Water becomes ionized through a process called electrolysis. During this process, water is run over two electrically charged plates and is separated into two streams, one is rich in hydrogen ions and is considered acidic, and the other is rich in hydroxyl and is considered alkaline. Although alkaline water can be made it can also be found naturally in certain springs across the United States.

Alkaline water has a higher PH, and is typically above 7.2. There are many benefits of drinking water with a higher PH, and according to the Mayo Clinic, it can neutralize acid in your bloodstream, boost your metabolism, help your body absorb nutrients more effectively, and can help prevent diseases.

The other type of water that is produced during electrolysis is called deionized water and is acidic, meaning it has a PH lower than 7. It is stripped of all minerals as well as impurities, and is very similar to distilled water. It is safe to drink, but by doing so your body is not receiving many benefits.

Carbon (GAC)

The Granular Activated Carbon filtration system, or more commonly known as “charcoal” filtration, purifies water by using materials that are high in carbon. As water passes through the filter, the carbon is activated and begins to remove harsh chemicals and other impurities. This filtration process is great for removing harmful organic materials along with hydrogen sulfate and chlorine, which gives water a foul smell and taste.

As you can see, there are many different types of purified water that can be purchased, but there are also a variety of home water purification systemsthat can be installed in your home so you can have clean water without having to buy it at the grocery store.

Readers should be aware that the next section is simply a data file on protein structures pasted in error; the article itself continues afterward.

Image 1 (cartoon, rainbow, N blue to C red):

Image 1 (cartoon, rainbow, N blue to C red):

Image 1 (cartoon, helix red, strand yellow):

“We have two different whole house water purification systems that we install the majority of the time,” said John Moore Services Senior Operations Manager Joe Bany. “Both use carbon based media filters and they filter out all chemicals, disease, viruses, bacteria, sediment, and other impurities.”

According to Bany, not every home is ideal for a whole house water filtration system, especially if your home has galvanized pipes. Galvanized pipes have rust and sediment inside them, and if you run clean purified water through dirty galvanized pipes, your water is being contaminated as it travels through your piping system to your faucet. The solution to this problem would be to install a filtration system underneath your kitchen sink.

“If you have galvanized pipes in your home I would recommend getting a reverse osmosis system that is installed underneath the kitchen sink,” said Bany. “That way it will clean and purify all water that is coming through your kitchen faucet and you can make sure you are drinking clean water and using clean water to cook with. It’s a great option for homes that don’t qualify for a house filtration system. The only downside to a reverse osmosis filter is that there is going to be a lot of water waste, for every gallon of clean water you are throwing away 2 gallons of dirty contaminated water.”

When it comes to purified water, there are many options available. Whatever way you decide to go, the most important thing to remember is to make sure your water is clean. Drinking dirty, contaminated, unpurified water can be hazardous to your health and especially dangerous for children and the elderly. John Moore Services has many different purification devices available, and our technicians will work to find the best option for your home, and will even test your water. Give us a call today!